15. 15. OLED SUSTAINABILITY no mercury or other hazardous materials thin and light reduced amounts of luminaire housing materials Architecture: Gensler Lighting: Darrell Hawthorne / Architecture & Light Photography: Nic Lehoux
  16. 16. T H E T E C H N O L O G Y O F O L E D
  17. 17. NEWER…BUT RAPIDLY EVOLVING TECHNOLOGY invented in late 80s at Eastman Kodak Ching Tang Steve Van Slyke (Photo courtesy: Wikipedia) (Photo courtesy: OLED-Info)
  18. 18. NPB (Bis[N-(1-naphthyl)-N-phenyl]Benzidine) alq3 (tris-8-hydroxyquinoline aluminum) ORGANIC SEMICONDUCTORS TECHNOLOGY
  19. 19. P - type N - type Holes Electrons ____ + + + + Light Anode Cathode Alq3 NPB Organic Heterojunction ORGANIC SEMICONDUCTORS TECHNOLOGY
  20. 20. substrate (glass or plastic) OLED STACK ARCHITECTURE TECHNOLOGY
  21. 21. substrate (glass or plastic) anode (ITO - indium tin oxide) OLED STACK ARCHITECTURE TECHNOLOGY
  22. 22. hole transport layer (HTL) & hole injection layer (HIL) substrate (glass or plastic) anode (ITO - indium tin oxide) OLED STACK ARCHITECTURE TECHNOLOGY
  23. 23. electron transport layer (ETL) emissive layer (EML) substrate (glass or plastic) anode (ITO - indium tin oxide) OLED STACK ARCHITECTURE TECHNOLOGY hole transport layer (HTL) & hole injection layer (HIL)
  24. 24. substrate (glass or plastic) anode (ITO - indium tin oxide) cathode (aluminum) light OLED STACK ARCHITECTURE TECHNOLOGY emissive layer (EML) electron transport layer (ETL) hole transport layer (HTL) & hole injection layer (HIL) encapsulation
  25. 25. active layers are extremely thin (d = 100 to 500 nm) Source: Osram Opto-Semiconductors comparison to human hair OLED STACK ARCHITECTURE TECHNOLOGY
  26. 26. OLED STACK ARCHITECTURE TECHNOLOGY Current tandem white OLED, up to 15 layers Tang bi-layer OLED
  27. 27. OLED FABRICATION TECHNOLOGY VACUUM THERMAL DEPOSITION PROCESS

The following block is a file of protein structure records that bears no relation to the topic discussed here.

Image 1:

28. 28. TODAY CCT 3000K / 3500K / 4000K Color Consistency + 2 MacAdam Luminance 2000-3000 cd/m2 L70 3000K 3500K / 4000K 40K hrs @ 3000 cd/m2; 72K hrs @2000 cd/m2 30K hrs @ 3000 cd/m2; 54K hrs @2000 cd/m2 HIGH CRI STANDARD CRI Efficacy 55 - 60 lm/W 80 lm/W CRI 85-90 80 R9 24-41 > 0 OLED PANEL PERFORMANCE SPECS
  29. 29. TECHNOLOGY 2-YEAR PROJECTION CCT 3000K / 3500K / 4000K Color Consistency < 2 MacAdam Luminance 2000-3000 cd/m2 L70 3000K 3500K / 4000K 50K hrs @ 3000 cd/m2; 90K hrs @2000 cd/m2 40K hrs @ 3000 cd/m2; 70K hrs @2000 cd/m2 HIGH CRI STANDARD CRI Efficacy > 100 lm/W ≥ 140 lm/W CRI > 90 > 80 R9 > 50 > 0 OLED PANEL PERFORMANCE SPECS
  30. 30. DIFFUSE LIGHTING LAMBERTIAN DISTRIBUTION VOLUMETRIC BRIGHTNESS Satisfies the Psychological Appetite for Brightness
  31. 31. LAMP VS. LUMINAIRE COMPARISON (HIGH-CRI LED DOWNLIGHT VS. OLED LUMINAIRE) 60-deg. Wide-Beam downlight with 3000K 1300lm multi-phosphor LED lamp: LAMP SPECS: Lamp Module Output: 1300 lm Lamp Efficacy: 59 lm/W CRI: Ra ≥95, R9: ≥90 LUMINAIRE SPECS: Luminaire Output: 776 lm Luminaire Efficacy: 24 lm/W System Watts: 32 W 3000K OLED luminaire with 1350 lm: LAMP SPECS: Combined Panel/Driver Output: 1350 lm Panel efficacy: 59 lm/W CRI: Ra 89, R9: 29 LUMINAIRE SPECS: Luminaire Output: 1350 lm Luminaire Efficacy: 45 lm/W System Watts: 30 W (Photo courtesy: Edison Price) DIFFUSE LIGHTING